Carter Stabler Adams Poole Vase Pattern PN Designed by Truda Carter, Paintress Ruth Pavely

October Newsletter - Odd Ones Out

Almost every pottery and designer has trademark shapes and patterns - designs that have come to characterise that pottery in many people's minds, and are immediately associated with the pottery.

However, sometimes it pays to stray off the beaten track, and to spend some time looking for a pottery's lesser-known designs and finishes. This will often reveal some wholly-unexpected pieces, as well as unfamiliar variants on more common designs. This month, we have chosen three pieces for the newsletter that come from well-known designers and potteries but aren't what you might expect.

PenDelfin - A Touch of Blue Peter Magic

PenDelfin's humorously-modelled and hand-painted rabbits are a fairly frequent and easily-recognisable sight at antiques and collectors fairs all over the UK. Less well-known is PenDelfin's early output, which didn't involve rabbits at all.

PenDelfin's very first wares were plaques - both large, three-dimensional wall plaques, and a range of mythological and literary figures, such as witches, elves, and nursery rhyme characters. Other animals were also produced, such as the rare Manx Kitten, and from PenDelfin's inception in 1953 until 1956, a whole raft of different ranges were experimented with. 1956 saw the introduction of the first PenDelfin rabbits, and their dramatic and rapid success soon meant that almost all of PenDelfin's output was rabbit-based, but there was still room for the occasional creative surprise.

One such surprise was the Pixie Bods. Made only from 1965-1967, they were originally conceived by Jean Walmsley Heap as a decorative means of support for straggling pot plant branches, hence their mix of pottery and pipe cleaner construction. Today they are a rare sight, and their finely-modelled elfin features and brightly-coloured outfits make them a great contrast to the more familiar PenDelfin rabbits.

Pendelfin Pottery Pixie Bod Pendelfin Pottery Pixie Bod Pendelfin Pottery Pixie Bod

Take the Smooth with the Rough

Although a more common sight than a Pixie Bod, Troika pottery's smooth-glazed wares are a world apart from the rough-textured pieces most frequently associated with the Troika Pottery.

Despite being wonderfully-finished in smooth, creamy glazes, with subtly-patterned decoration, Troika pieces such as this small slab vase never achieved the level of popularity of their textured brethren, and were always additionally hampered by higher prices.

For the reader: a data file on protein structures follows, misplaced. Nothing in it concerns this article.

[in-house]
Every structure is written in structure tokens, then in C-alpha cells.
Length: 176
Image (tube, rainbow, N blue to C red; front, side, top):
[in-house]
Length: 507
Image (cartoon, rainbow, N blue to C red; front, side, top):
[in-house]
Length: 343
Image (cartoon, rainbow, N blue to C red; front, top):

Early Troika St Ives Smooth Glazed Slab Vase printed St Ives stamp

Today the price disparity is reduced, but smooth-glazed pieces of Troika are a much rarer sight than textured pieces, and do have a smaller collector base as well. It's a mistake to dismiss them on these grounds, though, as they offer an interesting insight into the creative impulses that drove Troika's founders, Benny Sirota and Leslie Illsley, and they make an interesting addition to any collection.

Keith Murray - A Bluer Shade of Green

Keith Murray's work for Wedgwood is well-regarded and popular with collectors of Art Deco pottery. Simple, yet perfectly-balanced and pleasing to the eye, Murray shapes like the shoulder vase and football vase are instantly recognisable to collectors, as are the matt straw (yellow), moonstone (white) and green glazes that were most often used to decorate Murray's shapes.

Wedgwood Keith Murray Matt Green Football Ribbed Vase 3801 Script MarkWedwood Keith Murray  3801 Football Shape Vase Moonstone White

A more unusual piece is this KM-stamped turquoise bowl. Turquoise, or blue, is one of the rarest of the coloured glazes used on Keith Murray pieces, and is highly-sought after.

Wedgwood Keith Murray  Turquoise Blue 3753 Tapering Bowl

This bowl is in shape 3753 and has all the distinctive Keith Murray style of the better-known shapes, combined with a surprisingly compact size - the bowl only stands 4 Ĺ" tall, and measures 6" in diameter.

Online Past Stock Guide

Our online pottery price guide database is growing apace, and while we still have a little way to go, it now contains full details, including sale prices and large pictures, of many of the pieces we have sold over the last few years. There are still some more to come, but any comments or questions you have on this facility, or any other part of our website will be very welcome.

Best wishes,

Perfect Pieces


Here you'll find a list of our past newsletters. They feature information on different potteries, some of our featured stock and information on antique fairs and general news from the antique and collectors world!

Happy reading!